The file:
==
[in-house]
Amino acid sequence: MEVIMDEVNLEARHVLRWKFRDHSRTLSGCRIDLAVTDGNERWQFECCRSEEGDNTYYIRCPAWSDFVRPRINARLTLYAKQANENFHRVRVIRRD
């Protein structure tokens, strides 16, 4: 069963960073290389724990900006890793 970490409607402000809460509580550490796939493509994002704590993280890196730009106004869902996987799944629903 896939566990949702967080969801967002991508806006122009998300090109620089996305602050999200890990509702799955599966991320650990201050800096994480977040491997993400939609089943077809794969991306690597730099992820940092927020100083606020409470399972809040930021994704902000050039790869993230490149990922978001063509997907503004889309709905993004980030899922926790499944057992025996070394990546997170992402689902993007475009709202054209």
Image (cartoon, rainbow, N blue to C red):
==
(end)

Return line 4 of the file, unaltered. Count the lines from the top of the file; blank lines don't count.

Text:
Image (cartoon, rainbow, N blue to C red):